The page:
CAMEL Program for U.S. Climate Change Teaching
The National Council for Science and the Environment (NCSE) has been awarded a three-year grant of $1,666,820 by the National Science Foundation (DUE-0950396) to create a nationwide cyber-enabled learning community for solutions to climate change to be known as CAMEL (Climate, Adaptation, and Mitigation e-Learning). CAMEL will engage experts in science, policy and decision-making, education, and assessment in the production of a virtual toolbox of curricular resources designed for teaching climate change causes, consequences, and solutions.
The project was developed by the Council of Environmental Deans and Directors <http://www.ncseonline.org/CEDD> (CEDD), which is managed by NCSE. The lead investigators on the project are David Hassenzahl (U. Nevada, Las Vegas), Arnold Bloom (U. California, Davis), Barry Benedict (U. Texas at El Paso), CEDD President Stephanie Pfirman (Barnard College, Columbia University), Jean MacGregor (The Evergreen State College), Andy Jorgensen (U. Toledo) and CEDD Executive Secretary David E. Blockstein (NCSE). Dr. Jorgensen took the lead in preparing the proposal as a Senior Fellow with NCSE during a recently completed sabbatical.
CAMEL’s objectives are to:
* Assist faculty at institutions of higher education across the United States as they create, improve, test, and share resources for teaching students not only how to diagnose climate change problems, but also to identify and effect solutions;
* Ensure that materials developed and shared are founded on the best available scientific information and follow the most appropriate educational practices;
* Build a community of researchers, educators, and students engaged in teaching about climate change causes, consequences, and solutions;
* Develop cyberinfrastructure that will support and promote the creation of materials and community; and
* Evaluate the determinants of successful community building using cybermedia.
CAMEL will involve leaders in climate and solutions research and in curriculum and faculty development to integrate up-to-date content with state-of-the-art educational practice. The community and resultant content will range from general education to upper division courses for students in a variety of majors. The resources that are created will encourage faculty to learn from one another how best to involve students in a range of learning activities, including research. Furthermore, as expert contributors and the faculty learning community develop content and curricular resources, they will become available (in the NSCE online Encyclopedia of the Earth <http://www.eoearth.org/> and at Cyber-ShARE <http://www.cybershare.utep.edu/> , an NSF CREST-funded Center of Excellence at the University of Texas at El Paso for sharing cyber-resources to advance research and education) for a nationwide and international community of faculty members to adapt, use, and evaluate. The ultimate goal of the project is to provide the opportunity for every college student to become educated about climate change: its causes, consequences, and solutions, and the personal, professional, and societal options for meeting the major challenges posed by this urgent problem.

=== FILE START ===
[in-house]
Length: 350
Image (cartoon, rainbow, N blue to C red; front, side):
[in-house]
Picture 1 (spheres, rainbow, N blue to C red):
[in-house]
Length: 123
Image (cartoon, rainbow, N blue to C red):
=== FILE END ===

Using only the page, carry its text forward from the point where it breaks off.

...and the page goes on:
The NSF grant follows a smaller grant from NASA, Creation and Dissemination of an Interdisciplinary Undergraduate General Education Course on Climate Change. Under this grant, faculty at more than 20 NCSE University Affiliates will (a) develop a virtual tool chest of curricular modules and resources on how to teach about climate change using the latest NASA Earth observation data, Earth system models, and visualization tools and (b) use them in introductory courses over the next two years.
The CAMEL project will commence in October. Presentations on CAMEL will take place during the upcoming meeting of the Association for Environmental Studies and Sciences <http://aess.info/> (AESS) in Madison, WI from October 8-11, as well as at the meetings of CEDD in Washington, DC on January 23, 2010 and at the National Center for Atmospheric Research in Boulder, CO from July 6-8, 2010.
Once the project gets underway, we will be seeking educators to contribute existing curricular resources, develop new resources, and incorporate them into teaching. Please contact Heidi Fuchs at to participate.
More information on CAMEL, including a PowerPoint presentation by lead PI David Hassenzahl and a video thereof, can be found at the CEDD website <http://www.ncseonline.org/CEDD/cms.cfm?id=2348> .
Program Coordinator, Council of Environmental Deans and Directors (CEDD) & Council of Energy Research and Education Leaders (CEREL) National Council for Science and the Environment
1101 17th Street NW, Suite 250
Washington, DC 20036
202-530-5810 x222 / fax: 202-628-4311
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